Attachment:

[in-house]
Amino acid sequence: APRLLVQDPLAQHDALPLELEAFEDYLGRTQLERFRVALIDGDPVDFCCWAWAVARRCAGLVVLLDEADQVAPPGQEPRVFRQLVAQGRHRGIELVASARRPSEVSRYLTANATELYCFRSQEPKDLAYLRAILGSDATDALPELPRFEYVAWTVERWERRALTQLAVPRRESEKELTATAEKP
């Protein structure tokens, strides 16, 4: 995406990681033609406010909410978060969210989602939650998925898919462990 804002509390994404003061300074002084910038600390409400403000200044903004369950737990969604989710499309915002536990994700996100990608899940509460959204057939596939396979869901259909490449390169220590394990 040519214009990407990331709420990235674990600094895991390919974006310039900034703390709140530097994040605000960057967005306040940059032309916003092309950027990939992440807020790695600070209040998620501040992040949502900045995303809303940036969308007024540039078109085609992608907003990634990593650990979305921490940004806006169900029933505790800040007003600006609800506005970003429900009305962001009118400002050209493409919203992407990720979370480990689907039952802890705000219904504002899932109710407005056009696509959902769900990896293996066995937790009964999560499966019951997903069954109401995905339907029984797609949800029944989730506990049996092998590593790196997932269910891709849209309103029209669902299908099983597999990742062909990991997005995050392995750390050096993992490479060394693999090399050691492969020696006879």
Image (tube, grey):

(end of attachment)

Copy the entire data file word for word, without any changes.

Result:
[in-house]
Amino acid sequence: APRLLVQDPLAQHDALPLELEAFEDYLGRTQLERFRVALIDGDPVDFCCWAWAVARRCAGLVVLLDEADQVAPPGQEPRVFRQLVAQGRHRGIELVASARRPSEVSRYLTANATELYCFRSQEPKDLAYLRAILGSDATDALPELPRFEYVAWTVERWERRALTQLAVPRRESEKELTATAEKP
């Protein structure tokens, strides 16, 4: 995406990681033609406010909410978060969210989602939650998925898919462990 804002509390994404003061300074002084910038600390409400403000200044903004369950737990969604989710499309915002536990994700996100990608899940509460959204057939596939396979869901259909490449390169220590394990 040519214009990407990331709420990235674990600094895991390919974006310039900034703390709140530097994040605000960057967005306040940059032309916003092309950027990939992440807020790695600070209040998620501040992040949502900045995303809303940036969308007024540039078109085609992608907003990634990593650990979305921490940004806006169900029933505790800040007003600006609800506005970003429900009305962001009118400002050209493409919203992407990720979370480990689907039952802890705000219904504002899932109710407005056009696509959902769900990896293996066995937790009964999560499966019951997903069954109401995905339907029984797609949800029944989730506990049996092998590593790196997932269910891709849209309103029209669902299908099983597999990742062909990991997005995050392995750390050096993992490479060394693999090399050691492969020696006879």
Image (tube, grey):